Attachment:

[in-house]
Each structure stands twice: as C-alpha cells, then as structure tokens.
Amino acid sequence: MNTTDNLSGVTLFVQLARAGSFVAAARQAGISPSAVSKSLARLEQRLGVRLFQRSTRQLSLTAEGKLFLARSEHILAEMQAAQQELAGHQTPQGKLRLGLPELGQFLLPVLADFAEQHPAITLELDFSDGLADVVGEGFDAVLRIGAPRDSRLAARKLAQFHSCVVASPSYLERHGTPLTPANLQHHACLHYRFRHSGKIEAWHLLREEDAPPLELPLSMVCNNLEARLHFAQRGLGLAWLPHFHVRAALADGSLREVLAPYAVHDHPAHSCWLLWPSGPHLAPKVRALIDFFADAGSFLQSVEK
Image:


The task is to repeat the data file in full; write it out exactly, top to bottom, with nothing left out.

[in-house]
Each structure stands twice: as C-alpha cells, then as structure tokens.
Amino acid sequence: MNTTDNLSGVTLFVQLARAGSFVAAARQAGISPSAVSKSLARLEQRLGVRLFQRSTRQLSLTAEGKLFLARSEHILAEMQAAQQELAGHQTPQGKLRLGLPELGQFLLPVLADFAEQHPAITLELDFSDGLADVVGEGFDAVLRIGAPRDSRLAARKLAQFHSCVVASPSYLERHGTPLTPANLQHHACLHYRFRHSGKIEAWHLLREEDAPPLELPLSMVCNNLEARLHFAQRGLGLAWLPHFHVRAALADGSLREVLAPYAVHDHPAHSCWLLWPSGPHLAPKVRALIDFFADAGSFLQSVEK
Image: